You can have your turkey, mashed potatoes, rolls, and eat your pumpkin pie, too!
Nancy Kuppersmith, a registered dietician with UofL Physicians, says you don’t have to cut out the holiday foods you enjoy so much, just limit yourself.
UofL Physicians offers some tips for enjoying the foods you love without packing on the pounds:
Eat regular meals. Treat Thanksgiving like it’s a normal day. Don’t skip breakfast and hold out for the big meal. Instead, eat regular meals and don’t stuff yourself.
Enjoy the true holiday foods you can’t get all year long. Whatever your favorite holiday food is, and no matter how many calories it has, enjoy it. Kuppersmith says this is the time to enjoy foods you can’t get all year long – enjoy it and savor it. Don’t “gobble up” extra calories on food you can get any other time of the year.
Watch portion sizes. Sample a little bit of everything you love. It’s OK to give in to your temptations, if they come in small portions. Don’t stuff yourself. You can always eat leftovers later.
Start a new tradition. Take a family walk or play a game of basketball after the big meal to start burning off some calories. Washing the dishes and Black Friday shopping can also burn calories!
“I’m not going to tell you ‘eat this, not that,’ but encourage you to eat what you want, just less of it if it’s not the healthiest option on the table,” Kuppersmith said. For example, turkey is a healthier option than ham because ham has more salt. “I wouldn’t encourage you to switch to turkey, but eat more turkey than ham.”
Kuppersmith said an average, everyday meal ranges between 400 and 800 calories per meal and estimates a typical Thanksgiving meal could be 2,500 calories. Others like the Calorie Control Council say the average holiday dinner carries a load of 3,000 calories, not including an additional 1,500 calories in drinks and appetizers before and after the meal.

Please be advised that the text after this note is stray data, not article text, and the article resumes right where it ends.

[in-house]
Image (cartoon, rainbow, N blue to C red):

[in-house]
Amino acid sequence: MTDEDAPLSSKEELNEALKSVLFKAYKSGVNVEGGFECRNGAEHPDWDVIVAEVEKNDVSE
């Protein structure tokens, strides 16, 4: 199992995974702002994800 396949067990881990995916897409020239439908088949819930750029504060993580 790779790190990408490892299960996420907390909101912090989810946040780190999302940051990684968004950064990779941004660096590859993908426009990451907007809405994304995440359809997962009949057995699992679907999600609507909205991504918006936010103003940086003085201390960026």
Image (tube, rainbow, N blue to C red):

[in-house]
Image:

“When you eat what you like, pay attention and really savor the food, one usually eats a lot less,” Kuppersmith said. “Therefore, taking in fewer calories overall.”
Kuppersmith suggests making healthier choices when preparing your holiday dishes to lessen the calories.
When it comes to appetizers, try something low in calories such as veggies and low-fat dip opposed to cheese balls and crackers.
When making potatoes, it’s all about the preparation. Use less gravy (in a less greasy option) and less butter. If you like marshmallows and brown sugar on your sweet potatoes, don’t load it on.
For green beans, if you like the bacon grease flavor, it’s OK, just limit the amount.
Try a cranberry relish instead of cranberry sauce. It has more fiber, vitamins and minerals.
Choose whole grain rolls to get more fiber.
Pumpkin pie has more nutritional value over pecan pie because it’s made with milk, eggs and less sugar. But that doesn’t mean you shouldn’t eat pecan pie – instead take a smaller piece and “really enjoy it,” Kuppersmith said. “Don’t gobble it down, savor it.”
When it comes to drinks – red is best. If you don’t drink red wine, sparking grape juice is a healthy substitute. Choose one made from concord grapes (dark purple) – they’re high in phytochemicals, antioxidants which are good for your heart. Red wine contains the same heart-healthy antioxidants.
And if you need help visualizing what this looks like, take a look at this Thanksgiving infographic: